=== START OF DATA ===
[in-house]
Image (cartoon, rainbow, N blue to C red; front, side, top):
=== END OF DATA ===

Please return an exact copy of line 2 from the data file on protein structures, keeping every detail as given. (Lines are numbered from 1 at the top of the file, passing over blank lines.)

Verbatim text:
Image (cartoon, rainbow, N blue to C red; front, side, top):